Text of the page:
WASHINGTON — The Obama administration has expressed its opposition to a Congressional bill that would ban abortions after five months gestation, opining that it is an “assault on a woman’s right to choose.”
H.R. 36 is known as the Pain Capable Unborn Child Protection Act, and while some believe that the bill doesn’t go far enough as all abortion should be outlawed, the Obama administration says that the prohibition on abortions after 20 weeks is oppressive.
“The administration strongly opposes H.R. 36, which would unacceptably restrict women’s health and reproductive rights and is an assault on a woman’s right to choose,” the White House Office of Management and Budget wrote in a memo on Tuesday. “Women should be able to make their own choices about their bodies and their health care, and government should not inject itself into decisions best made between a woman and her doctor.”
The bill was introduced by Sen. Trent Franks (R-AZ) and has nearly 160 co-sponsors. It is set to go up for a vote in the House on Thursday—the same day marking 42 years since the ruling of Roe v. Wade.
“[T]here is substantial medical evidence that an unborn child is capable of experiencing pain at least by 20 weeks after fertilization, if not earlier,” the bill reads. “It is the purpose of the Congress to assert a compelling governmental interest in protecting the lives of unborn children from the stage at which substantial medical evidence indicates that they are capable of feeling pain.”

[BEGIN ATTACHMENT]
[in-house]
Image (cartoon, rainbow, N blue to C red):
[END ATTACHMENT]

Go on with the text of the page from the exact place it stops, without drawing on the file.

But the Obama administration disagrees and states that the legislation ignores the autonomy of women.
“Not only is the basis for H.R. 36 scientifically disputed, the bill disregards women’s health and rights, the role doctors play in their patients’ health care decisions, and the Constitution,” it wrote in its memo.
In addition to expressing opposition to the bill in general, the Obama administration is taking issue with a requirement in the proposed legislation that would mandate women who have been raped and subsequently seek an abortion to report the crime to the police. The government claims that the requirement “demonstrates a complete disregard for the women who experience sexual assault and the barriers they may face in reporting.”
“The administration is continuing its efforts to reduce unintended pregnancies, expand access to contraception, support maternal and child health, and minimize the need for abortion,” the Office of Management and Budget added. “At the same time, the administration is committed to the protection of women’s health and reproductive freedom and to supporting women and families in the choices they make.”
“If the president were presented with this legislation, his senior advisers would recommend that he veto this bill,” it said.
The majority of children who are aborted after 20 weeks gestation lose their lives through a procedure known as dilation and evacuation (D&E). Dilation and evacuation involves first administering medication that will stop the baby’s heart from beating. The mother’s cervix is then dilated and the baby is removed piece by piece with forceps. According to reports, the abortionist assembles the baby’s body parts on a tray to ensure that nothing is left behind.
Most states across America ban abortions after 24 weeks, although some have sought to lower the legal limit.